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Front Page » April 29, 2003 » Local News » "Pink Ladies", hospital volunteers celebrate 30 years of ...
Published 4,173 days ago

"Pink Ladies", hospital volunteers celebrate 30 years of service


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Loma Davis
Dorothy Blackham

They have been known as the "Pink Ladies" for the past 30 years and although their name has changed to hospital volunteers their goal today is the same as it was when they formed back in 1973. That goal is to assist the hospital and help out with patients.

The group was organized following a meeting August 29, 1973. State officers of the organization, headed by Ruth Stewart of Salt Lake City came to Price and worked with Bea Thompson to get the first meeting set up. There were 14 people at that first meeting and today two of these volunteers who attended that first meeting are still active members of the auxiliary group. Loma Davis, although not in the first official picture when the uniforms were handed out and Dorothy Blackham, are both still volunteers today.

Loma Davis has been part of the volunteer group the entire time, served as its president eight different times and has twice been elected to the state board. Loma volunteers twice a week now and for the past 30 years has come to the hospital in either her pink blazer, vest or pinafore. Currently there are about 55 members of "Pink Ladies." As times change so does the membership of the volunteer organization. Currently one man volunteers with the group, but in the past as many as three males have been part of the "Pink Ladies" organization. It's hard for some of the ladies to think of their new group called the hospital volunteers.

Although Dorothy Blackham was part of the original 14 volunteers she did take a couple leaves of absences over the years and has around 25 years of attendance.

Among the accomplishments reported 25 years ago in the Sun Advocate when the organization was celebrating its fifth anniversary included the refurbishing of the lobby and visitor's waiting room, furnishing one obstetrics room with two beds and bedside tables, donating two hypothermia blankets, an anesthesia machine for the operating room, a pediatric examining table and a salad bar for the dining room.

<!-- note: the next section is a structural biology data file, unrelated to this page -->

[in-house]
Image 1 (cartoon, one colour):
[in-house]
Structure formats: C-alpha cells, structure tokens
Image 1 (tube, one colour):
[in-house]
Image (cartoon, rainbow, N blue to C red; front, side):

Even though all these accomplishments happened the first five years, the donations and the contributions continue, even through moving to the new hospital.

According to that news report Mrs. Thompson said that when she moved to Price in 1972 she was disappointed to find there was no hospital auxiliary. She contacted a friend who was a nurse at the hospital, Judy Yoakum, who encouraged her efforts. Thompson arranged a meeting with Don Fifield, who was then hospital administrator, who also encouraged her.

Loma and Dorothy remember those early days when the group was being organized. We met at Margaret Robertson's home and our first dues were $3 a year. Soon after the group was organized their volunteering efforts sent them to the floors or the desk. "I remember in the old hospital we had to wheel patients into the elevator," says Loma.

Many members of the "Pink Ladies, now called hospital volunteers are honored for their volunteer efforts at the RSVP luncheon held Saturday at the Senior Center. currently there are 55 volunteers in the group, which began in Price 30 years ago this August.

They remember giving water to patients and making beds in the old hospital. Dorothy also recalls taking care of flowers and working with the auto caving machine which sterilized the equipment. "We also washed dishes, worked at the counter and operated the meals on wheels program. We delivered mail and delivered reports to various offices," they recalled.

And a big part of their volunteering over the years has been taking baby pictures. Loma took baby photos for many years and remembers one particular set of twins when she tried to fit them on a tray to set up the photo. They were too large for the tray so she had to arrange one lower than the other.

Loma turns 85 in December and her volunteering has kept her busy. "This work is what keeps me going," she says. Both Dorothy and Loma says that they are all like sisters. "We have a lot of fun, and form companionship with each other." They explain.

Loma remembers attending many conventions, and recalls that in the early years they went along with the doctors and nurses. The funniest convention was in Denver when the group traveled to Colorado on Amtrak. She also remembers meetings and workshops held in California.

She still operate the gift shop, raises money through bake sales and now serve a hospital tea.

Loma was born in Roosevelt and came to Carbon County with her father, who was a baker. One of five children, her mother worked in the laundry for years. As Loma became old enough to join the work force, she worked in the creamery making pop cycles and wrapping and testing butter. She married and had to quit her job because the creamery would allow married women to work there. She moved to Standardville, up above Helper where her husband worked as a mechanic and electrician for the mine.

Dorothy grew up in North Dakota and when her husband retired from the Airforce they settled here where he worked with Sears and she raised their three children. She remembers seeing the advertisement in the newspaper announcing that the group was going to start.

"I remember the grey ladies who volunteered in the military so I called a friend and we attended the meeting," she recalls. She currently works one afternoon a week. "To be honest I need the hospital more than they need me," says Dorothy, summarizing her work as a Pink Lady.


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